Public Comment

Commentary: Campaign for Universal Health Coverage

By Kay Eisenhower and Robert Lieber
Tuesday September 12, 2006

History was made in the California State Legislature last month when it sent SB 840 to the governor’s desk! Sen. Sheila Kuehl’s single payer health care bill would extend coverage to all California residents for less than what is spent collectively now by employers, consumers and local, state and federal government. Patients would choose their own doctors or providers, pre-existing conditions would be covered, all needed services, drugs, hospital stays, therapies and medical equipment would be covered, and there would be no co-pays or deductibles for at least the first two years.  

How can universal health insurance cost less than what is being spent now on health care in California? Single insurer systems spend far less on administrative costs than do insurance companies — for example, Medicare, a single insurer system, keeps administrative costs under 5 percent. The Veteran’s Administration is another single insurer.  

Kaiser uses a single insurer plan to cover its members. SB 840 costs are also projected at under 5 percent, in contrast to the 25-30 percent administrative costs of the insurance industry.  

Single insurer systems use their purchasing power to cut prescription drug and medical equipment costs—SB 840 is projected to save the state as much as $5 billion per year. By taking the profit out of health care coverage, it is possible to extend complete benefits to all state residents at no additional cost.  

A single payer system would actually improve the business climate by controlling health care costs and leveling the playing field. With SB 840 all employers will pay an affordable health insurance premium and all employees would contribute their fair share (labor agreements specifying no or minimal employee contributions would stay in place).  

This arrangement should end the current race to the bottom that occurs when large employers reduce health coverage for their workers in order to stay competitive with employers that don’t offer such benefits.  

However, the governor has announced that he won’t sign SB 840! Even if he did, the insurance industry would mount a huge fight against implementation, perhaps going to the initiative process to overturn it, as they did with Burton’s SB2. That’s where the OneCareNow 365-City Campaign comes in. We are building a grassroots movement up and down the state in support of universal health coverage to defend ourselves against the special interests who profit from the current inequitable system. Community action teams in more than 365 California cities are conducting grassroots educational and public awareness events—one event per day, in a different city, for one year - to demand passage of landmark legislation that would transform our wasteful, costly and unjust health care system.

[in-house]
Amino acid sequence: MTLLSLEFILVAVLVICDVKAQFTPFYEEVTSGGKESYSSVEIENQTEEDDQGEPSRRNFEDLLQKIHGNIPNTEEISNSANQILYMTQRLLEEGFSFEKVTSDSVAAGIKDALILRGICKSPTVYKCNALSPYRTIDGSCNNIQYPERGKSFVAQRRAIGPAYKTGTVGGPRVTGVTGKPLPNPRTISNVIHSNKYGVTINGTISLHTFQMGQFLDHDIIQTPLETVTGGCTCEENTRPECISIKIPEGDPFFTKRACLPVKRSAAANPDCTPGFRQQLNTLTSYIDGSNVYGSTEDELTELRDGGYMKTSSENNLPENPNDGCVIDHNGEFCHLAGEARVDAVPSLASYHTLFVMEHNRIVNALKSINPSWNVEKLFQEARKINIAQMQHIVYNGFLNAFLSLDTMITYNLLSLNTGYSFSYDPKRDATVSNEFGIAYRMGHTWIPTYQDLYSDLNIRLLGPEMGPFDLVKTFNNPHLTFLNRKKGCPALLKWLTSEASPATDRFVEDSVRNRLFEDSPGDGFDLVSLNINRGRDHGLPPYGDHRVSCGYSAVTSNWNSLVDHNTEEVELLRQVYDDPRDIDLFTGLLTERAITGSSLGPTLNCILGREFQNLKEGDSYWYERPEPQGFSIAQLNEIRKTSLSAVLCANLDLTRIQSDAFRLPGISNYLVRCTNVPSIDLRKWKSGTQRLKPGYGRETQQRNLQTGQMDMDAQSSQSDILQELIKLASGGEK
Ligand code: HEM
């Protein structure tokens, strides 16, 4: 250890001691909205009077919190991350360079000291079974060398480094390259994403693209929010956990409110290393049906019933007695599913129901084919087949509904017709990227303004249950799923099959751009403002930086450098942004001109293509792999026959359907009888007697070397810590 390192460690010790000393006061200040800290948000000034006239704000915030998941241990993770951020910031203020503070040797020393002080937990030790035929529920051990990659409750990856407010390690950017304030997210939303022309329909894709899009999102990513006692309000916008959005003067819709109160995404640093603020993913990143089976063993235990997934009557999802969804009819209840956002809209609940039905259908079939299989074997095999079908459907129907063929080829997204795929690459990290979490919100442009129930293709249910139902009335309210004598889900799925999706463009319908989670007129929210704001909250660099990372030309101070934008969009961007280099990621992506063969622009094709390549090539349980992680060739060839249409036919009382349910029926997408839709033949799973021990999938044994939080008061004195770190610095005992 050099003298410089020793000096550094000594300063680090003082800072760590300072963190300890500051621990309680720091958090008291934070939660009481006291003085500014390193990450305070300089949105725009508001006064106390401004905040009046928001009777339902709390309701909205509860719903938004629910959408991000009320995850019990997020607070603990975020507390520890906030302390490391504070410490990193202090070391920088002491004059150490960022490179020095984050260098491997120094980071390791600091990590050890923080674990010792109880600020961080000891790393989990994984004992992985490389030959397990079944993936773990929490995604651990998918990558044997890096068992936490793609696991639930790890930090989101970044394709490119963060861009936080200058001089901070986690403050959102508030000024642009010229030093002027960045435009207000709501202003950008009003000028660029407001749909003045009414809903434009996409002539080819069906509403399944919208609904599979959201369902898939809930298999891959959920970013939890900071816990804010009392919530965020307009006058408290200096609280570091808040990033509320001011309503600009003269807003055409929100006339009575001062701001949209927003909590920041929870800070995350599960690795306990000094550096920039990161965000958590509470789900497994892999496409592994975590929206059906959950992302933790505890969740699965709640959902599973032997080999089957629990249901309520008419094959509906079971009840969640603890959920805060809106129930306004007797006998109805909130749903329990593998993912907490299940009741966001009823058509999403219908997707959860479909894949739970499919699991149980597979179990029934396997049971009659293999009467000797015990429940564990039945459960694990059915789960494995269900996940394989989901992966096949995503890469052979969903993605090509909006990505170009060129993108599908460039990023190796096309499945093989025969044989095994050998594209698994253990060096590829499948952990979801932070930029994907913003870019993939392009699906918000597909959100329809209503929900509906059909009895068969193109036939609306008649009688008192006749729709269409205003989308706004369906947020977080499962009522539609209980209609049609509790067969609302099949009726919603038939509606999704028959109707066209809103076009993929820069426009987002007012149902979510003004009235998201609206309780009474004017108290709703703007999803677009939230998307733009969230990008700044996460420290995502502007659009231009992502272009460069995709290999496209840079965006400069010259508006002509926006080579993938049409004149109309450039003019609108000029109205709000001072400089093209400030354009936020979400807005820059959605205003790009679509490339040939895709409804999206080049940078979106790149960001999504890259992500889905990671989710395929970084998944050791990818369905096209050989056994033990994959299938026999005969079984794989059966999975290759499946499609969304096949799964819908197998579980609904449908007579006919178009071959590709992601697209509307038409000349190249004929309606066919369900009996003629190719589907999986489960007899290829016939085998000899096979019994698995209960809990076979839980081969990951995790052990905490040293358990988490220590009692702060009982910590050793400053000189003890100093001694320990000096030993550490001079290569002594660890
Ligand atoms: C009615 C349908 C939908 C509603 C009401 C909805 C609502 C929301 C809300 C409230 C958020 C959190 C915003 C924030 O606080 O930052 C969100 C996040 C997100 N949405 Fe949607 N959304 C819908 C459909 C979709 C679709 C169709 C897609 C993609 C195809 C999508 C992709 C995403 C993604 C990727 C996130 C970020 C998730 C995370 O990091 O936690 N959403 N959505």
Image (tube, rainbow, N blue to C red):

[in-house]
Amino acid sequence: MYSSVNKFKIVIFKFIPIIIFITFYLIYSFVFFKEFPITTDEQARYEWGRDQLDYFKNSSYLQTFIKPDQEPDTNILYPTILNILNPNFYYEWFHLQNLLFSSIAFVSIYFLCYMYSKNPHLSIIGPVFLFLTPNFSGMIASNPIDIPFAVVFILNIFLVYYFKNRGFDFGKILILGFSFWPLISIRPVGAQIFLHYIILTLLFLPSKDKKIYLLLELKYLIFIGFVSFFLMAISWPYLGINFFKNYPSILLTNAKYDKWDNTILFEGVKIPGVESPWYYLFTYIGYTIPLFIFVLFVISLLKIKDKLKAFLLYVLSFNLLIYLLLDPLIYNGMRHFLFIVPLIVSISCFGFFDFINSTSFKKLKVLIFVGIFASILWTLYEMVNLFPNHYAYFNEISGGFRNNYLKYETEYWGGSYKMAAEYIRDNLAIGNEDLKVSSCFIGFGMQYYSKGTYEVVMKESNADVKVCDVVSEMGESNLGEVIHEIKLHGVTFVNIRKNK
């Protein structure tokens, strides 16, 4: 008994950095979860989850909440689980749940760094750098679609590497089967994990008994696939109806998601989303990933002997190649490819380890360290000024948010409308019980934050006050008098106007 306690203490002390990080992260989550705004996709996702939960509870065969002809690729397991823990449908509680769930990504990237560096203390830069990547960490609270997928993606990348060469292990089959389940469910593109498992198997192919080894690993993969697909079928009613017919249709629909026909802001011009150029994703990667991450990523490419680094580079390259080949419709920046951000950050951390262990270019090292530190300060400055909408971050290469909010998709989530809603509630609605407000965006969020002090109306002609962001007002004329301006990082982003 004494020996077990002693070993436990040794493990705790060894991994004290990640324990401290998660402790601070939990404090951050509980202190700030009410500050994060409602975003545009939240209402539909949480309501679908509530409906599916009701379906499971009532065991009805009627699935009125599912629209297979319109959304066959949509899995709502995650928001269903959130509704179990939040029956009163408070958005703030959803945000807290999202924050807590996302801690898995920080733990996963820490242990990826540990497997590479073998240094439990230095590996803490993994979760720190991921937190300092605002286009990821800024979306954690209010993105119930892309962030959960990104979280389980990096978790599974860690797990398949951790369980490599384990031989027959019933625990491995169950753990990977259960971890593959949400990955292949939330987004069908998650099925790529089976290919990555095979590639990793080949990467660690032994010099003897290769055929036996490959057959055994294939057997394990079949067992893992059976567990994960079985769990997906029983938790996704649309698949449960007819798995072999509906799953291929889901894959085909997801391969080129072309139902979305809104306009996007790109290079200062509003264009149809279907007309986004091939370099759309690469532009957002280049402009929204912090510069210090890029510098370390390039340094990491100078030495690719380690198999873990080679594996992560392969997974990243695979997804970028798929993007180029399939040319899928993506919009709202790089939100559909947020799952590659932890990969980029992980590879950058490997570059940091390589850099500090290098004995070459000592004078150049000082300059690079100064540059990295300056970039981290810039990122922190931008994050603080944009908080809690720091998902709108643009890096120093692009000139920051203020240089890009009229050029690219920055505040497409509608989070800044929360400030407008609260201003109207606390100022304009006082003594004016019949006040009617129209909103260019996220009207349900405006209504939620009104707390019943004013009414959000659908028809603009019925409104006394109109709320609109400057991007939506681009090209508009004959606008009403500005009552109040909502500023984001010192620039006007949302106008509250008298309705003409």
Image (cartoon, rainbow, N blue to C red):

What can you do to help?  

Join the OneCareNow 365-City Campaign, which started Aug. 12 in Morro Bay. Sept. 8 was Albany’s day! The Albany City Council passed a resolution last week endorsing SB 840, and last Friday activists tabled in the afternoon in front of the Albany Library with a petition and leaflets in support of the bill to bring attention to Albany’s efforts to support a better health care system. Albany is the first of 14 cities and towns in Alameda County in which OneCareNow events are being organized; the next local event will be in San Lorenzo, Oct. 23. The 365-City campaign will close with the Los Angeles event, with a huge rally planned for Sacramento a week later next August, 2007.  

This campaign is very ambitious with local committees forming throughout the state to plan events, get signatures on petitions, and enlist the support of local government bodies and grassroots organizations. In the Bay Area Albany has joined Berkeley, Oakland, San Francisco and Alameda County, along with the Central Labor Councils of Alameda, Santa Clara and San Francisco Counties as endorsers of SB 840. The California Nurses Association, SEIU and other statewide unions are sponsors of SB 840, which has also been endorsed by the California Federation of Labor and the League of Women Voters (for a complete list of endorsers check the website).  

The OneCareNow campaign is being sponsored by Health Care for All-California, the League of Women Voters, Health Access, the California Association of Retired Americans, and others. At the local level, the SB 840 East Bay Coalition includes Vote Health, the Wellstone Democratic Renewal Club, California Physicians Alliance, the Oakland LOWV, Hayward Demos, and several unions. Our next big event is a benefit Oct. 5 at the Grand Lake Theatre screening a new film, “The Healthcare Solution: California OneCare” to raise funds for the OneCareNow campaign.  

To join in the campaign, check the website to find the contact persons for your area! Or call Vote Health for further information at 832-8683.  


Kay Eisenhower is the chair of Vote Health and the SB 840 East Bay Coalition. Robert Lieber, RN, is an Albany City Councilmember.